LONDON — Another day, another British retail failure.
On Tuesday, just 24 hours after British Home Stores entered into administration, the U.K. equivalent of Chapter 11, men’s wear retailer Austin Reed announced it was also seeking protection from creditors.
Founded by Austin Leonard Reed in 1900, the group also owns women’s wear labels Viyella and Country Casuals. It began making made-to-measure clothing and later moved into men’s ready-to-wear.
The brand has a flagship store on Regent Street and sells through more than 1,000 retail outlets worldwide, with nearly 30 wholesale clients in the U.S.
The company’s new owners, distressed retail experts Alteri Investors, have called in Alix Partners to sell the company. Some 1,200 jobs are said to be at risk, according to press reports.
As part of a turnaround plan set by Alteri, the company had closed about 15 percent of its 200 stores in the past year.
The first Austin Reed branded store was established on Fenchurch Street in London, with a larger flagship store opening in 1911 at 113 Regent Street. In 2011 the brand moved across the road to number 100.
The new store features a dedicated casualwear floor, a 60-foot wall of shirts and two floors of tailoring, including a bespoke service.
The company’s collapse comes amid a gloomy climate for British brick-and-mortar retail, with the unpredictable weather, the advent of online shopping, changing consumer patterns and a struggling men’s formal wear market weighing on many of the country’s high street stalwarts.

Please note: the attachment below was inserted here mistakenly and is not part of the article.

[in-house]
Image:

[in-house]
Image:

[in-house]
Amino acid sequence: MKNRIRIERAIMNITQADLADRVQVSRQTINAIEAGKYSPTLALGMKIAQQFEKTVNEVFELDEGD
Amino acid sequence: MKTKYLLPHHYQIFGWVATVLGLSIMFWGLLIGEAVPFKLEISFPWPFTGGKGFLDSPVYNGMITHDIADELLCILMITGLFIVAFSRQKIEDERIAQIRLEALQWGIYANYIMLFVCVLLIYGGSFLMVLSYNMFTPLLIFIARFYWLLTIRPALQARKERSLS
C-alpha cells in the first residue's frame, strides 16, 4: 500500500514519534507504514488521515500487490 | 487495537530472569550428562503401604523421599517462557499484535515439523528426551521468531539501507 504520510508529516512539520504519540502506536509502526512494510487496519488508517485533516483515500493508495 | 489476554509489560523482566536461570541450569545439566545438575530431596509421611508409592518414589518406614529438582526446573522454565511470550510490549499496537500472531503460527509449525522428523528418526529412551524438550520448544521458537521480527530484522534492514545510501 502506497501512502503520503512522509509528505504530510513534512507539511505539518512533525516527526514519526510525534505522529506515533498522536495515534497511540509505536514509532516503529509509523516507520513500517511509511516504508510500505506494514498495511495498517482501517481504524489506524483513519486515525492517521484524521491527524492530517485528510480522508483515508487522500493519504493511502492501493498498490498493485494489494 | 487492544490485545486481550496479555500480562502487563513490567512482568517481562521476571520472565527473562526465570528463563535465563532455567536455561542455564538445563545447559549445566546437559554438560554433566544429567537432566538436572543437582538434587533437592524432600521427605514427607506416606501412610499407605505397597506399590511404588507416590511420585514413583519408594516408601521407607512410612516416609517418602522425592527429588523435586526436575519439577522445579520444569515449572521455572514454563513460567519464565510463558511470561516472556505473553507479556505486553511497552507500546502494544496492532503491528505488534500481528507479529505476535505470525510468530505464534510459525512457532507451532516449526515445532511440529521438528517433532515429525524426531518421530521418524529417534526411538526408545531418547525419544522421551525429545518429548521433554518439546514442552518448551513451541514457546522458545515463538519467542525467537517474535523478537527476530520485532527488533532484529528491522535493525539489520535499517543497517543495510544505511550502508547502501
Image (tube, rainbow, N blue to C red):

On Monday, the struggling BHS collapsed into administration, putting nearly 11,000 jobs at risk, although the government has confirmed that job losses are not imminent.
BHS has 164 stores across the U.K., and 74 franchises in 18 countries such as the United Arab Emirates, Russia and Malaysia.
The British press has called the collapse of BHS the U.K.’s biggest retail failure since that of Woolworths in 2008.
On Monday, Harsha Wickremasinghe, an associate at the M&A and debt advisory firm Livingstone Partners, said he believed the BHS business model is at the root of a problem.
“Its relevance to the current market is unclear — in terms of product range, brand appeal and distribution strategy. These structural weaknesses, coupled with soaring rents, high business rates and pension liabilities, alongside the impact of the National Living Wage, gave BHS little room to maneuver. BHS has been a ‘problem child’ of the department store sector for some time, and has simply failed to move with the times,” he said.